"President Trump is arguing for a military buildup before producing a strategic vision or laying out priorities to guide the new spending," Wirls problematizes. "Instead he has justified it, so far, on two misleading premises: that President Barack Obama slashed the defense budget and that as a result the military is depleted and needs to be rebuilt."
Wirls compares Trump's military budget with the previous ten years of military spending during the Iraq and Afghanistan wars. He also looks at how the money is spent in the military.
"President Trump has so far leaned heavily on the slippery concept of “peace through strength,” even though all these years of unrivaled U.S. power – and our repeated use of it – have not produced peace. The president seems to see military strength almost as an end in itself, or “performative,” as military analyst Erin Simpson put it, a kind of show or performance, regardless of whether the capabilities are matched to the threats we face."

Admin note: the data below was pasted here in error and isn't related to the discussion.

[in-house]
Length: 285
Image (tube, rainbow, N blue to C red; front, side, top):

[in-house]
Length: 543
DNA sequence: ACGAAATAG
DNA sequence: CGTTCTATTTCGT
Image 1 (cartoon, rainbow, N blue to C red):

Wirls research spans American political history, from the debates at the Constitutional Convention to the latest developments in military policy. His most recent book is The Federalist Papers and Institutional Power in American Political Development (Palgrave MacMillan, 2015). He is also author of Irrational Security: The Politics of Defense from Reagan to Obama (Johns Hopkins University Press, 2010).